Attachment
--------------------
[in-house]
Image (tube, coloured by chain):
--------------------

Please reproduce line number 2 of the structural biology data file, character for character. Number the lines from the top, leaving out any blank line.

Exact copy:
Image (tube, coloured by chain):